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'Lefty', Watney share Doral lead

AMERICANS Phil Mickelson and Nick Watney shared the lead at 16-under-par after the third round of the CA Championship in Miami, Florida, on Saturday.

India's Jeev Milkha Singh (68) and Colombian Camilo Villegas (69) were tied for third place, four shots off the pace at the Doral Resort and Spa.

Watney took over at the top of the leaderboard from second-round leader Mickelson after racing to the turn in a four-under 32.

He then suffered his first bogey of the tournament at the 11th before birdies at the 12th and 16th gave him a 67 for a total of 200.

Watney, who played with Mickelson, said he was pleased with his round but did not consider the tournament to now be a head-to-head battle.

"I just wanted to go out and really get into my round and not worry too much about the scoreboard or about playing Phil directly," Watney said.

"With this kind of field and with four shots not being that many you can't talk about it being one-on-one unless it gets down to the last three or four holes."

Mickelson mixed six birdies with three bogeys as he carded a 69.

"Lefty", as he is known, was unlucky on the par-three fourth as he drove the green but then watched the ball gently roll off the putting surface and into water.

Mickelson's short-game has been outstanding this week but it let him down when he three-putted the seventh.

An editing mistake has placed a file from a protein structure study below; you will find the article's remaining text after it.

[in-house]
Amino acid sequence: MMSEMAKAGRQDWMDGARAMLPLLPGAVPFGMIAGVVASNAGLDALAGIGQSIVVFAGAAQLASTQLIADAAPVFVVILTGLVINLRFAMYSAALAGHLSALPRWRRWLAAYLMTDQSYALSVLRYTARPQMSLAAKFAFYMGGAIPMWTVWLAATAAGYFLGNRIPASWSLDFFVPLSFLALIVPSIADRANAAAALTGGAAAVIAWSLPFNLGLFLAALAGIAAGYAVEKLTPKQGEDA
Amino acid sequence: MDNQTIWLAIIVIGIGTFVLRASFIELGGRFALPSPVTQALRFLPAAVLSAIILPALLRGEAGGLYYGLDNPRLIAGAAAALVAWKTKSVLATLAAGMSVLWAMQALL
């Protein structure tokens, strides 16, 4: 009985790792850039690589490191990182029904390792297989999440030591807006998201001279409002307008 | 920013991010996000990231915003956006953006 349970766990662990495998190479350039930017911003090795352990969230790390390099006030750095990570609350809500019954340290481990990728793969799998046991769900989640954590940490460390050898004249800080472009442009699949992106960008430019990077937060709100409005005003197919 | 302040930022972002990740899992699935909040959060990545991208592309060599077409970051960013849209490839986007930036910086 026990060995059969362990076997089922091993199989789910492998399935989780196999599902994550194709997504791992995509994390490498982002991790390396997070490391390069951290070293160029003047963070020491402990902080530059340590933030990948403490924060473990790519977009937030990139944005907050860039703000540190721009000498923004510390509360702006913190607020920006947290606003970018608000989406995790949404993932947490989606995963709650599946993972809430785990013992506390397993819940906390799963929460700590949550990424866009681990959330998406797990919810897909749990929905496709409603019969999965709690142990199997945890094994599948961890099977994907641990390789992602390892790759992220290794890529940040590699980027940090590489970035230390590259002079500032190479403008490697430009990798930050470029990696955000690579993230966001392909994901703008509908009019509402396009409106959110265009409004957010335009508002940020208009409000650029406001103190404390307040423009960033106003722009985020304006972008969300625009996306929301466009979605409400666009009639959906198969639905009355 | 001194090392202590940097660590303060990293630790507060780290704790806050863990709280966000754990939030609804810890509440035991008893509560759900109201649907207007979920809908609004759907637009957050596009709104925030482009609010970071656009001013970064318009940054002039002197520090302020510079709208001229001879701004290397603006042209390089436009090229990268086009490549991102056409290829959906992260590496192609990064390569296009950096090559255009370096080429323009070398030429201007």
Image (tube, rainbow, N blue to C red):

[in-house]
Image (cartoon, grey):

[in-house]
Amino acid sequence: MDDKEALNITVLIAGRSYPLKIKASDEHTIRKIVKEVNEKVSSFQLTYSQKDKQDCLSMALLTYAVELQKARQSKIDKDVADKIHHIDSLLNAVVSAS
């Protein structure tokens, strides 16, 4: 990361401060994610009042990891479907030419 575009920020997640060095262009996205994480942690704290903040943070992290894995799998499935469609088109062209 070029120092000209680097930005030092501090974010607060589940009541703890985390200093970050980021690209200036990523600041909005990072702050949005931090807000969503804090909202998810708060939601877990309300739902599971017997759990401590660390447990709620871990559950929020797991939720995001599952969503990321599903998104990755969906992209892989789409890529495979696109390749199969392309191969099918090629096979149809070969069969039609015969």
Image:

His third bogey came at the 17th when he drove left behind a cluster of trees and bushes and while he has frequently tried for a spectacular recovery, he instead opted for a safe return to the fairway.

"I felt that if I tried to hit a shot that didn't get up quick it could go in the bush and stay there and I could be looking at seven," Mickelson said.

"So I just hit a sand wedge to get back in play.

"Every now and then I'll make a smart play.

"I would have taken 69 at the start of the day because it was tougher and windier, but I had opportunities to make that a low round and a couple of putts didn't fall."

Mickelson, who won two weeks ago in Los Angeles, can close in on No. 1 in the world ranking by capturing his first World Golf Championship title.

Tiger Woods, in his first stroke-play event since an eight-month injury layoff, produced his best round with a 68 for a seven-under total of 209.

"The best I've hit it in a long time," Woods said. "Granted, I haven't played in a long time, but still."

Britain's Rory McIlroy, bidding to become the youngest winner on the PGA Tour, was one off the lead before making a hash of the closing stretch when he bogeyed three of the last five holes and made 72 for a total of 206.

American Kenny Perry, tied for third overnight, also fell away after a double-bogey on the par-three 13th contributed to a 71 for 205. Perry's tee shot hit a rake and raced across the green into the rough. As he set up for his next stroke the ball moved forward and cost him a one-shot penalty.

Perry's group at 11-under also included Jim Furyk (69) and Alvaro Quiros, the big-hitting Spaniard who had a 69.


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